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Why did my federal withholding spike (employee)?

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  • Why did my federal withholding spike (employee)?

    I'm an employed physician and recently had a large bonus payment go through and some quick napkin math caught my eye. My last normal paycheck had a total tax withholding of ~26% and specifically $1800 for federal withholding. My most recent paycheck is about 2.5x my normal gross and has a total tax withholding of ~37% including a jump to $7400 for federal withholding. Why the sudden spike? Are tax brackets calculated on a per paycheck basis and I have to wait for next year's tax filing to get a refund?

  • #2
    When an employer pays a bonus, they can instruct the payroll service to tax that bonus in 3 different ways.

    Option 1: Employer says nothing and tax is withheld as if it is a regular pay period (pay amount gets annualized, leading to a very high withholding percentage).

    Option 2: Employer specifies that it is a bonus and tax is withheld as if the pay for the year is based on your regular pay periods.

    Option 3: The employer requests that a specific percentage of the bonus is taken out as withholding.

    Given the high withholding that you saw, it is likely that your employer chose option 1 In the final analysis, the withholding amount does not determine the taxes owed, that gets rectified when you file your annual return. But how you feel when you get your bonus is greatly affected by the taxes withheld. You may want to mention this to your employer for the next time.

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    • #3
      You'll get any tax overpayments back when you finalize your 2022 taxes. If you really wanted, you could adjust the withholdings the rest of the year to withhold a bit less to make up for it (assuming you're withholding an appropriate amount currently).

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      • #4
        Originally posted by White.Beard.Doc View Post
        When an employer pays a bonus, they can instruct the payroll service to tax that bonus in 3 different ways.

        Option 1: Employer says nothing and tax is withheld as if it is a regular pay period (pay amount gets annualized, leading to a very high withholding percentage).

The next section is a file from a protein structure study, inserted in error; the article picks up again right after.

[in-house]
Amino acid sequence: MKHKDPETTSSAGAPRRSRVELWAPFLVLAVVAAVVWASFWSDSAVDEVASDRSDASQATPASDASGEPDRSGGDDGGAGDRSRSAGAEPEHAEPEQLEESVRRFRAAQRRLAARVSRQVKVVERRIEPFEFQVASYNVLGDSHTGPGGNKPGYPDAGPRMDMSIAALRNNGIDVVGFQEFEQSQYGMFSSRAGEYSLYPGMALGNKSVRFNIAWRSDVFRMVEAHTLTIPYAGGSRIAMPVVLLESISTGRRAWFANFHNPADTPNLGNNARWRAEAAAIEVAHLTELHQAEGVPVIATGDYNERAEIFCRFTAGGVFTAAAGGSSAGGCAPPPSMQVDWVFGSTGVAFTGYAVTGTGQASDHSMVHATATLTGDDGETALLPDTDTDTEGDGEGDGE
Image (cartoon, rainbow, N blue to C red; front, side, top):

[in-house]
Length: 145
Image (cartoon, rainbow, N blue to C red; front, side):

Option 2: Employer specifies that it is a bonus and tax is withheld as if the pay for the year is based on your regular pay periods.

        Option 3: The employer requests that a specific percentage of the bonus is taken out as withholding.

        Given the high withholding that you saw, it is likely that your employer chose option 1 In the final analysis, the withholding amount does not determine the taxes owed, that gets rectified when you file your annual return. But how you feel when you get your bonus is greatly affected by the taxes withheld. You may want to mention this to your employer for the next time.
        Ok this makes sense. Thanks.

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        • #5
          Originally posted by White.Beard.Doc View Post
          When an employer pays a bonus, they can instruct the payroll service to tax that bonus in 3 different ways.

          Option 1: Employer says nothing and tax is withheld as if it is a regular pay period (pay amount gets annualized, leading to a very high withholding percentage).

          Option 2: Employer specifies that it is a bonus and tax is withheld as if the pay for the year is based on your regular pay periods.

          Option 3: The employer requests that a specific percentage of the bonus is taken out as withholding.

          Given the high withholding that you saw, it is likely that your employer chose option 1 In the final analysis, the withholding amount does not determine the taxes owed, that gets rectified when you file your annual return. But how you feel when you get your bonus is greatly affected by the taxes withheld. You may want to mention this to your employer for the next time.
          This is one of the best answers I've ever seen to any question on any forum. I didn't even know 2 and 3 were options. Wish employers would take # 2 more often but in my experience # 1 is what always happens.